Estimated Color Channel ratio at pixel ‘q’

Step 1: Cost Function

  • Cost function:


Step 1 example

Step 1: Example

  • Example

    • Red:Green ratio

Saturated ratio

Ground Truth ratio

Recovered ratio


Step 2 estimating color values

Step 2: Estimating Color Values

  • Estimating Color Values

    • Partially Saturated Pixels: Cross-channel ratios used to estimate color values

    • Totally Saturated Pixels: Estimated using the local smoothness constraint

    • Unsaturated color values close to observed

    • Quadratic cost function used

    • Solution obtained using classical energy minimization

    • For simplicity, recovery of Red channel shown.


Step 2 constraints

Observed Red value at pixel ‘p’

Step 2: Constraints

  • Constraints

    • Partially Saturated: Values estimated using cross-channel ratios

    • Totally Saturated: Est. using local smoothness

    • Unsaturated values close to observed

Red:Green at pixel ‘p’

Red:Blue at pixel ‘p’


Step 2 cost function

Color ratio Red:Green at pixel ‘p’

Color ratio Red:Blue at pixel ‘p’

Observed Red value at pixel ‘p’

‘1’ if at pixel ‘p’: Red is saturated Green is unsaturated

‘1’ if at pixel ‘p’: Red is saturated Blue is unsaturated

‘1’ if at pixel ‘p’: Red is unsaturated

‘1’ if at pixel ‘p’: All channels saturated

Step 2: Cost Function

  • Cost function:

Red value at pixel ‘q’ in N(p)


Experiments results

Experiments & Results

  • System evaluated both quantitatively and qualitatively

  • Comparison against pixel-wise scaling and Levin’s colorization demonstrated.

  • 3x3 neighborhood window used

  • Image size typically 500x400 or less

  • Matlab built-in least square solver used


Limitations

Limitations

  • Handling totally saturated pixels in a significant portion of the image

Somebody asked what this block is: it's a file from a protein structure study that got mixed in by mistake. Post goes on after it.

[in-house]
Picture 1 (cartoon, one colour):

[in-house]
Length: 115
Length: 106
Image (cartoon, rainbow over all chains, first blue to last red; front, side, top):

Quantitative analysis

Quantitative Analysis

  • Auto-exposure bracketing feature in modern SLR cameras used

  • Obtained two identical images with different exposure settings

  • The brighter image is saturated while the darker is the ground truth


Quantitative analysis1

Quantitative Analysis

Saturated image

Ground truth image

Recovered image


Quantitative analysis2

Quantitative Analysis

Comparison of saturated region (forehead)

Quantitative comparison


Comparison with baseline methods

Comparison with Baseline Methods

  • Baseline Methods

    • Pixel-wise non-linearity

    • Levin’s Colorization

    • We would show that comparable saturation-free results cannot be achieved by the above techniques.


Comparison pixel wise non linearity

Comparison: Pixel-wise Non-linearity

Pixel-wise non-linearity

Our method

Saturated image


Comparison levin s colorization

Comparison: Levin’s Colorization

Colorization

Our method

Saturated image


Non face images

Non-face Images


Results

Results

Saturated

De-saturated


Results1

Results

Saturated

De-saturated


Results2

Results

Saturated

De-saturated


Results3

Results

Saturated

De-saturated


Results4

Results

Saturated

De-saturated


Automatic correction of saturated regions in photographs using cross channel correlation

Q & A